With multiple games in Week 17 having little to no impact on the shape of the playoffs, it will be good to get back to football that matters. Welcome to the 2017 NFL playoffs.
For 20 teams, 12 months of planning came to an official end, for most in a disappointing fashion. For teams like the Broncos, Panthers, Cardinals and Bengals, it’s been four months of high expectations, followed by countless poor performances and ultimately a premature ending. For others, like the Buccaneers and Titans, sure their seasons ended a little earlier than they’d have liked (especially considering their strong positions in early December), but the future looks bright for franchises that held the 1st and 2nd overall picks in the 2015 Draft.
However the real story is now looking forward to a January chock-full of playoff football. There is also clearly a disparate difference in the strength between the NFC and AFC playoff fields.
In the National Football Conference, the Cowboys have been the benchmark since October, but the challengers are lining up thick and fast. The Falcons have the league’s best offense and playing hot at the right time, Green Bay threatened to turn around their woes and have done so in spectacular fashion, winning six straight. The Seahawks have been extremely inconsistent throughout, and based on current form will struggle to take the title, but are still extremely dangerous as a week-to-week proposition. And then there’s New York’s Giants.
The Giants are perhaps the NFL’s biggest unknown with the biggest giant killing streak ability (excuse the pun). 2016’s Giants are so far the only team to beat the Cowboys (twice) this season (I’m not including the Eagles’ Week 17 loss). They’ve beaten the Patriots twice in Super Bowls over the past decade, including an upset of the undefeated Patriots in Super Bowl 42. Their defense might just be the best of those that remain. Eli Manning hasn’t been particularly effective this year, but Odell Beckham surely is, and the running game has improved in leaps and bounds.
Furthermore, in their two victorious Super Bowl runs in 2008 and 2012, both times the Giants travelled to the cold of Lambeau Field and emerged with W’s. Can they make it three from three?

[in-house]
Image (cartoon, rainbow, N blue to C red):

With their loss on Sunday Night to division rivals, Green Bay, Detroit now face an incredibly tough task in Seattle. The Seahawks haven’t been the juggernaut seen from 2013-2015 this season, they’ve been a curious bundle of inconsistency, particularly on the offensive line and now a defense that’s clearly missing the brilliant Earl Thomas.
In the second half of the season Matt Stafford’s numbers dropped off significantly, as the running game faltered and the offensive line struggled. Stafford has the pieces on offense to stretch the capabilities of the Seahawks’ secondary, with guys like Golden Tate, Marvin Jones, Eric Ebron and Zach Zenner more than capable offensive playmakers. Perhaps the best sign of optimism for the Lions is their strong showing in Week 4 against Seattle last season. Despite a 13-10 loss on the scoreboard, the Lions only fell one yard short of taking the lead inside the last two minutes, before a Calvin Johnson fumble out of the back of the endzone ended their challenge. Thus, hope remains for the Detroit Lions.
In the American Football Conference, it’s the Patriots as the clear favorite with only the Steelers and Chiefs in any real position to challenge them. The lack of quality of depth in the AFC playoff’s by comparison is obvious. For the Dolphins and Raiders, they’ve been hamstrung by late season injuries to their quarterbacks. The Raiders in particular were in a position to challenge for a Wildcard bye until Carr’s injury in Week 16.
The Dolphins travel to the ‘Steel City’, for a showdown against a franchise oozing with playoff experience in Pittsburgh. The Dolphins defeated the Steelers earlier in the season down in Florida, but when you have Matt Moore starting as quarterback, in the middle of January, away from Miami. Well you’d have to be an extreme optimist to foresee any positive result here for Miami. Look for the brilliant Le’Veon Bell to set the tone early and often in this one. Steelers by plenty.
The second AFC matchup is even less inspiring. The Houston Texans are not an exciting football team. Nor are they a particularly good one. The Oakland Raiders on the other hand, were the Oxford Dictionary’s definition of absolute excitement, until Week 16 that is. Now we’re faced with one of the most uninspiring playoff clashes since the Panthers and Ryan Lindley met in 2015. Ugh. Making the game even less relevant is the likely destination for the ‘games’ winner; Foxboro, Massachusetts. Neither team has a snowball’s chance in hell of winning there. And even if the Dolphins pull the upset in Pittsburgh, well Arrowhead Stadium, Kansas, is hardly a better opportunity for the Texans or Raiders to advance to the AFC Championship game.